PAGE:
Introduction: Thyrotropinomas are rare pituitary tumour accounting for 0.51.0% of all pituitary tumours. There are only seven reported cases of mixed TSH/LH/FSH producing adenoma. We report a patient with secondary hyperthyroidism due to TSH producing adenoma co-secreting FSH and LH.
Case report: A 75-year-old Caucasian male was seen with 2-year history of tiredness, anxiety and palpitations along with 7-month history of weight loss. He also complained of impotence for 2 years along with lack of sex drive. His thyroid function tests showed fT4 level of 55.1 pmol/l along with TSH level of 8.3 mU/l and anti TPO antibodies of 7 IU/ml. His other anterior pituitary tests were: FSH 3.7 IU/l, LH 3.0 IU/l, IGF1 <3.2 nmol/l and prolactin level of 389 mU/l. His alpha Sub Unit came back high at 1.95 IU/l and pituitary MRI showed a 1.8 by 2.5 cm lesion in the pituitary gland compressing the right optic nerve and invading the right cavernous sinus. He was started on octeotride LAR 60 mg along with carbimazole 30 mg once daily and following discussion in pituitary MDT meeting was referred for trans-sphenoidal pituitary surgery. Following pituitary surgery his TFT came back as fT4 of 26.2 pmol/l with TSH of 3.3 mU/l. Biopsy of the lesion confirmed mixed TSH/LH/FSH producing adenoma.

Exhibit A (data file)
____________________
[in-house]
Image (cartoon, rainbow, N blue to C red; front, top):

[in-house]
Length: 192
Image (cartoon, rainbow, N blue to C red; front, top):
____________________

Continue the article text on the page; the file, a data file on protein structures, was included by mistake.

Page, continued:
Discussion: Thyrotropinomas are rare with a prevalence of about one case/million. Most cases are found in the fifth-sixth decade of life. Around 30% of TSH producing adenoma also co-secrete other pituitary hormones most commonly GH and prolactin. Majority of thyrotropinomas are macroadenomas (90%) and clinical features of hyperthyroidism are usually present. Definite treatment consists of pituitary surgery though octeotride therapy lead to normalization of thyroid hormones in about 70% of cases with partial shrinkage of tumour in 40% of thyrotropinomas.